Maggie Barry accusations

The Herald reports:

National MP has been twice investigated over claims this year – including accusations she expected staff to do political party work on taxpayer time, which would be unlawful.

The Weekend Herald can reveal two employees in Barry’s four-person office have accused her of bullying since May – one in a personal grievance complaint, and the other during the investigation of that complaint.

Neither staff member now works for Barry, the MP for the North Shore and the former host of Maggie’s Garden Show, a once-beloved staple of New Zealand television.

Barry concedes there were issues raised by former staff, but they were resolved “by mutual agreement” and “there was no finding that bullying or harassment had occurred”.

And she is backed up by a different former staff member who said she never saw any bullying behaviour from Barry, though she added that everyone has different ideas about what constitutes bullying.

So let’s look at the details alleged:

The Weekend Herald has obtained documents which show that during its investigations in August this year, Parliamentary Service heard allegations that Barry:

• swore and yelled at staff;
• called an employee “stupid”;
• used derogatory terms about other elected officials, which made staff uncomfortable;
• referred to people with mental health issues using offensive terms like “nutter”;
• discussed her employees’ sexuality in the workplace;
• expected staff would do work for the National Party during office hours, which they felt unable to refuse while knowing it was wrong, because they were scared.

This is an interesting mix of issues. Having an MP refer to other elected officials in derogatory terms is not bullying at all. I’d say it is not at all uncommon for MPs to offer frank opinions about some of their local body counterparts when in the privacy of their office.

You shouldn’t yell at staff or call them stupid, even if they stuff up. And parliamentary staff shouldn’t be asked to do party work. So there are some issues there that if correct, are not a great reflection. But it may not be totally clear cut.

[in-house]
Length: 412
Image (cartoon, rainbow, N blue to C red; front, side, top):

However, the Weekend Herald has heard recordings which appear to show Barry swearing in a work context, and others where she appears to call a local board member “barking”, one a “waste of space”, and another “a duplicitous piece of shite”.

This suggests that a former staffer was tape recording private conversations with their MP. This is a huge betrayal of their employment role, and I suspect that person would be unemployable if their identity became known.

Todd Barclay attracted huge condemnations for allegedly recording one of his staff. Well it’s no better if it is a staff member recording an MP.

Speaking about the Francis review earlier this week, Act leader David Seymour said MPs, and not Parliamentary Service, should be the boss of their staff, and the current arrangement means MPs can treat their staff with impunity.

This is a worthwhile idea.

One of the tensions at the moment is The Parliamentary Service is the employer and hence they pay for any costs of any employment disputes etc. There isn’t a huge financial incentive for MPs to avoid employment disputes.

If you changed the arrangement so the parliamentary party or even the MP was the formal employer, then you could well end up with better incentives as if you have to pay out a dissatisfied staff members say $15,000 that is $15,000 less money you have for newsletters etc.

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